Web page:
No birds bounced through the small waves that marched across the Fish Creek Pond. No eagles or herons roosted in the spruce trees. No salmon swirled the pond’s surface, no other people or dogs walked along the shore. This doesn’t bother Aki. The little dog has plenty of scents to sniff. Even though I looked forward to seeing some wildlife, the absence of it this morning doesn’t bother me either. I have the absences created—solitude.
We head out toward the mouth of Fish Creek, blown down the trail by the strengthening wind. No ducks work the close in waters of Fritz Cove. A few gulls keen and then ignore us. We are surprised by a flock of siskins feeding near the terminus of a tidal meadow. They fly into the sky above our heads, turning and diving in tight formation. At the end of each maneuver, their flock forms a different shape. Then they disappear.
I should just enjoy the beauty of the flock in flight, like I am enjoying the changing light on the meadow and the Mendenhall Glacier across Gastineau Channel. But I can’t help wondering if the shapes formed by siskins’ maneuvers were an attempt to communicate—an organic semaphore wasted on the ignorant.
I am slipping and sliding through lakeside mud. Aki, no fool she, stays on a nice mossy path that parallels the beach. I could join her on the easier trail. But the views of mountains, waterfalls, and a glacier keep me on the beach.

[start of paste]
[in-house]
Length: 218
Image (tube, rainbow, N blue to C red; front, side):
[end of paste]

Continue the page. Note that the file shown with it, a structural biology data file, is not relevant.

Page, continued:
The morning mist has melted away so nothing blocks my view of mountains McGinnis and Stroller White reflected on the lake’s surface. The lake also mirrors lines of cottonwood trees, each bearing a load of leaves fading from yellow to rust. The glacier slices between the mountains like a blue snake.
On our last visit to the lake, I was forced by high lake levels to use Aki’s forest path. Now, in spite of all the recent rain, those levels have dropped, revealing a wide strip of gravel for walking. It offers a variety of mud. Some of the yucky stuff is as greasy as lard. In other places the mud forms a thin patina over beach gravel. In one spot my boots making a sucking sound each time I take a step. Forced off her forest trail by a beaver pond, Aki joined me just before the sucking mud. She convinces me to carry her the mess.
We seem to have all the beauty to ourselves. No ducks or geese ripple the lake surface. No eagles, ravens, or even jays comment on our passage from lakeside tree roosts. There might be mountain goats on the high flanks of McGinnis or bears in woods. A deer could be peaking out from the Troll Woods. But only the sun shows itself just long enough to reverse for a few minutes, the cottonwoods’ autumn fade.